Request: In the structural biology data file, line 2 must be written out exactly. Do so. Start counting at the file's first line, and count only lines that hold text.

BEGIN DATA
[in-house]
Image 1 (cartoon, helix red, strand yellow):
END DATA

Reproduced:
Image 1 (cartoon, helix red, strand yellow):